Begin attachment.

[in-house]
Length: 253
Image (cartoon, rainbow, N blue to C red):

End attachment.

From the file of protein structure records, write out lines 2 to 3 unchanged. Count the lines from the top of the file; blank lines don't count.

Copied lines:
Length: 253
Image (cartoon, rainbow, N blue to C red):